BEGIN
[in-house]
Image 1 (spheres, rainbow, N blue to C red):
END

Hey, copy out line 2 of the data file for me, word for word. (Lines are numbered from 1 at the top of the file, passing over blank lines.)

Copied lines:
Image 1 (spheres, rainbow, N blue to C red):